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January 5, 2010
Dubai’s 160-story ‘superscraper’ flies in face of debt crisis

The world’s tallest building opened for business Monday. Next to Dubai’s business district stands the Burj Khalifa, whose 2,717 ft. spire reaches over 1,000 ft. higher than its closest competitor, Taipei 101.

The structure is named for Khalifa bin Zayed Al Nahyan, President of the United Arab Emirates. About $1.5 billion was invested in the Burj Khalifa, with an additional $20 billion invested in the surrounding neighborhood.

At 162 floors, the Burj Khalifa is expected to accommodate 25,000 people at a time: 160 Armani hotel rooms, 1,100 apartments and hundreds of corporate office suites. The building’s 57 elevators rise and fall at 33 feet per second.

Watch this video from Al Jazeera English to see how this modern marvel was birthed:

Ben Macintyre of The Times of London draws an interesting correlation between “super-scrapers” and financial crises in Towering ambition always comes before a fall:

The Burj Dubai, the physical expression of Dubai’s towering ambition, a modern Tower of Babel. It is a beautiful object, a remarkable testament to human ingenuity, engineering and megalomania. As Dubai’s economy totters and sways, it may turn out to be a monumental folly, the latest example of Man’s need to build ever upwards regardless of cost, need or sense.

There is a striking correlation between projects to build the world’s tallest building, and financial crises. The construction of the Empire State Building (381m) was conceived in the run-up to the Wall Street Crash and the Great Depression; the Sears Tower in Chicago (442m), built in 1974, came with the oil crisis and stagflation in the US; the Petronas Towers (452m) in Kuala Lumpur in 1997 coincided with the Asian financial crisis.

The correlation between the highest buildings and the lowest economic moments would be eerie were its reasons not so obvious — excessive credit, overconfidence and the culture of ostentation in an overheated economy.

Burj Dubai may become a symbol of Dubai’s economic resilience. Or it may end up as a monumental morality tale about overweening ambition. Either way, the new city of Masdar, now being built in Abu Dhabi as a carbon-neutral eco-city (call it the green suburb of Babel), will stand as an architectural rebuke to the great tower of hubris next door.

Khaleej Times published an opinion piece by Lanny J. Davis that depicts the construction of the Burj Khalifa in a more positive light. Davis analogizes between architecture’s role in a successful global economy with peaceful international relationships of the 21st century.

US Secretary of State Hillary Rodham Clinton saw the connection between today’s dedication of the Burj Dubai and tomorrow’s launch of The Dubai Forum, and the core prerequisites for a stable and peaceful world when she sent her greetings and salutations to His Highness Shaikh Mohammed, and wrote: “Your efforts to create international cooperation in the global economy is an important goal, and I wish you, my friend, the very best in this endeavour.”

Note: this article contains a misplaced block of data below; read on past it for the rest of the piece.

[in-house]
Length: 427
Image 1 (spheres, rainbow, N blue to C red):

Secretary Clinton’s reference to “international cooperation” is of course, metaphorically speaking, no different than the brilliantly conceived mutual dependence and relationships within the Burj Dubai that keeps it stable and enduring: a “triple-lobed footprint, an abstraction of the Hymenocallis flower, composed of three elements arranged around a central core. The modular, Y-shaped structure, with setbacks along each of its three wings, provides an inherently stable configuration for the 160-story structure….Twenty-six helical levels decrease the cross section of the tower incrementally as it spirals skyward.”

We can learn important lessons from real architecture — and from the Burj Dubai. With planning and international cooperation, mutual respect among nations with different cultures, histories, religions, and traditions, we can achieve stability and security and a victory for civil society — no matter how mammoth and complex and different are the country-by-country economic infrastructures.

Global Voices culled a number of tweets that praised Dubai’s brand new marvel. AbeerMK writes:

#BurjKhalifa RT @FingerPrint10: Perfectly done and perfectly timed.. The opening of #BurjDubai will be something people won’t forget

RT @mzaher: There were indian kids next to me at #burjdubai #burjkhalifa singing the UAE national anthem in arabic. How cute.

Other netizens were disappointed in the cost of the building’s opening fireworks. Vrthejas tweets:

Looks like Dubai spent all of Abu Dhabi’s bail-out money on the opening ceremony of Burj Dubai.

Blogger Sher Ali is disappointed in the Burj Khalifa investment:

Sheikh of Dubai is mimicking the West, but does he know that West first built up Oxford, Cambridge, Harvard and Yale and then they went about having Sears tower, Empire State Building? Buildings come and go or if they stay they become just routine after sometime just like Taipei tower.

But world class universities like Oxford remain always, and they are the real secret of Western power. How many universities of that caliber are present in the whole UAE?

For a better perspective on the height of the Burj Khalifa, watch this next video recorded by two contractors peering down from the spire of the building:

Lastly, this video shows footage from ground level of the Burj Khalifa and its surroundings.

– Michael Ramirez

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